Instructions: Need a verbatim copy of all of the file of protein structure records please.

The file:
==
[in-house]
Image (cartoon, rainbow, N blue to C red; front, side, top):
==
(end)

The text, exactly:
[in-house]
Image (cartoon, rainbow, N blue to C red; front, side, top):